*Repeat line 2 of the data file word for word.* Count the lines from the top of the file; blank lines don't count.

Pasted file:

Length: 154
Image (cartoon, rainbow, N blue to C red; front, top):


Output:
Image (cartoon, rainbow, N blue to C red; front, top):